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So you want to be a teacher? A discussion and explanation of collocations and practical suggestions for teaching them. How can I help my students with collocations? Advanced students need to be aware of the importance of collocation.
I would argue that students at every level need to be aware of the importance of collocation, as I believe collocation can be used not only to help learners understand and manage lexis but also to communicate ideas more effectively. For example, one of my learners recently asked the difference in meaning between glance and glimpse. It was immediately clear to me how helpful it was to use collocation to highlight the differences between the two verbs. I feel that it is very useful to teach learners those collocations with a noun as a key word. Nouns are also important because they are usually the words that carry the most meaning within a sentence. This puts a greater pressure on the teacher when making the decision about whether to spend time on a particular collocation.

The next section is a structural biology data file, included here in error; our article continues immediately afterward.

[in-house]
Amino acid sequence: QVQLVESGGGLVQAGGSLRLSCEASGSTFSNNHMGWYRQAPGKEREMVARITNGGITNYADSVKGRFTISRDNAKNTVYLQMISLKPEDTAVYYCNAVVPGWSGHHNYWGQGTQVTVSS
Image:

With the second two verbs in this example, the unpredictability of the combination is also a factor. Moreover, this would be a difficult collocation for learners to work out just by knowing the meaning of the individual parts, so would therefore merit some class time. What problems do learners have with collocation, and how can we help? A major stumbling block to most learners is the fact that there are so many possible collocations and that the choice of which word to collocate with, say, a noun is completely arbitrary. Well, why is it have a coffee not drink a coffee?
If students are encouraged to record collocations as they occur, they have a permanent record of which combinations are possible. There are various ways for learners to record new collocations in their vocabulary notebooks. Organisation is really a matter for individual learners, though, as it should be done according to personal preference to minimise the learning burden. Bahns argues that because of this untranslatability teachers should focus on collocations which can not be translated directly, pointing out contrasts to students instead of similarities. If we substitute the asterisked words for miraculously, have, made, talking and reason, these utterances become more natural and nativelike.